The UK Government has refused to restrict the build of recently proposed hospital ships to British shipyards, citing a policy it created as the rationale behind the refusal.
Luke Pollard, MP for Plymouth, Sutton and Devonport, asked in a written question:
“To ask the Secretary of State for Defence, whether a UK hospital ship would be classed as a complex warship and eligible for a restricted tender for UK shipyards for its construction.”
Stuart Andrew, Parliamentary Under-Secretary of State for Defence, responded:
“In accordance with the National Shipbuilding Strategy, UK hospital ships procured by the Royal Navy are not warships.”
On the prospect of the build actually happening, Andrew was less black and white, leaving the possibility open.
“The Ministry of Defence’s requirement for a hospital ship is provided by RFA ARGUS. The consideration of options to deliver the capability provided by ARGUS after she leaves service remains ongoing.”
What hospital ships?
Last year, we reported that MP Penny Mordaunt proposed that some of the foreign aid budget be used to build hospital ships to provide humanitarian aid in disaster zones.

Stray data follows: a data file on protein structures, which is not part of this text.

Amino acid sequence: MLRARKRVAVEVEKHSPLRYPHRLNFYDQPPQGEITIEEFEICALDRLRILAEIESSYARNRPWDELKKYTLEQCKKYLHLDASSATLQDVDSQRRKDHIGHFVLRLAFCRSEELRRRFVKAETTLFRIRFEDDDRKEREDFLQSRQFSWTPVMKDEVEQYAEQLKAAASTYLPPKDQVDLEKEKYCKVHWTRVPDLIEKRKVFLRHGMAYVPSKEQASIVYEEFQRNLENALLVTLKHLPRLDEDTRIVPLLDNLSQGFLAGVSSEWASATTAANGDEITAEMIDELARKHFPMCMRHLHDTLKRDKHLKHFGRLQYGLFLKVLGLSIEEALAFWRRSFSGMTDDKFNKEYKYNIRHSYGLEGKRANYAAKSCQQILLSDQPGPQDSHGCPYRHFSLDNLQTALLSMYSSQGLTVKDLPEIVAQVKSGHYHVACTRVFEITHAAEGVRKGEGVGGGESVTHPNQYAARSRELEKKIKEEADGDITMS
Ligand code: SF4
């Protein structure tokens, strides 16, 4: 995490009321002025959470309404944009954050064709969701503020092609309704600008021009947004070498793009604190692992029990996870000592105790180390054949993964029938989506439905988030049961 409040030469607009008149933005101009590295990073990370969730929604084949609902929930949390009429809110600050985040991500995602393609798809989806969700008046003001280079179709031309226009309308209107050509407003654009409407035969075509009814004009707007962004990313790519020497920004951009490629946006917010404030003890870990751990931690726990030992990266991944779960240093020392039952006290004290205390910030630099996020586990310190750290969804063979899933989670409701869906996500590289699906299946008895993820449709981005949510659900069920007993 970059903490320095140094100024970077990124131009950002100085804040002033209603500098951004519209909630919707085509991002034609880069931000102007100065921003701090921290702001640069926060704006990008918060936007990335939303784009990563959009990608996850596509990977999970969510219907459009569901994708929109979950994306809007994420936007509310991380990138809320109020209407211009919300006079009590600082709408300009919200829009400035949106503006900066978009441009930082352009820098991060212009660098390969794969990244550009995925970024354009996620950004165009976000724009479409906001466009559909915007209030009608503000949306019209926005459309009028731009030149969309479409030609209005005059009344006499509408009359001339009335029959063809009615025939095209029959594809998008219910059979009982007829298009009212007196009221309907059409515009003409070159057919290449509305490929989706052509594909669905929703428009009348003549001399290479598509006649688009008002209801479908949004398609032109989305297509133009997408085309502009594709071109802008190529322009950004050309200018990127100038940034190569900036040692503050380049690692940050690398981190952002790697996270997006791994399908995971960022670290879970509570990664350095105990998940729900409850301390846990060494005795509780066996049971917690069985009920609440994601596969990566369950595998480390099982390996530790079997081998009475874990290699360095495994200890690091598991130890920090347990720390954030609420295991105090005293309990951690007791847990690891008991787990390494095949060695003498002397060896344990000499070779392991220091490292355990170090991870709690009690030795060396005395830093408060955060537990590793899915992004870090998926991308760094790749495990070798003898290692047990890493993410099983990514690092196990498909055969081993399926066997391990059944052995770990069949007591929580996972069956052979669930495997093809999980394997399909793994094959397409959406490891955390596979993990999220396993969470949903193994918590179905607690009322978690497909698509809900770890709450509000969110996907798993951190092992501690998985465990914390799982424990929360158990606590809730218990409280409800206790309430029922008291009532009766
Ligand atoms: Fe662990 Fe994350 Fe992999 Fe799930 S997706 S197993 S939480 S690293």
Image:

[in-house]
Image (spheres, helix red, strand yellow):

In a letter to Defence Secretary Gavin Williamson, a copy of which has been seen by the Daily Mail and reported on here, Mordaunt claims that the ships could take the place of vessels such as RFA Mounts Bay, which has been stationed in the Caribbean during the hurricane season.
Currently the UK uses Bay class vessel RFA Mounts Bay in a disaster relief role and the contribution of the vessel and hew crew cannot be understated, however, she was wasn’t designed for this task.
The UK can also call upon RFA Argus as according to the Royal Navy, the principal role of Argus is to serve as a Primary Casualty Receiving Ship (PCRS). The vessel also once served as an Aviation Training Ship however a ramp for casualty transport replaced one of the aircraft hangars and the PCRS role became the ship’s primary function.
According to the Ministry of Defence, as the ship is armed and is not painted in the required white with red crosses, the Geneva Convention prevents her from being officially classified as a hospital ship.
Despite that, the vessel has a fully equipped 100-bed medical complex on board, which can be tailored to deliver treatment afloat. The vessel has sailed before to support potential humanitarian operations during the hurricane season, with a primary mission to support the British Overseas Territories should they require assistance but again, she was not designed for this.
Would a new, dedicated vessel be a better solution? Maybe.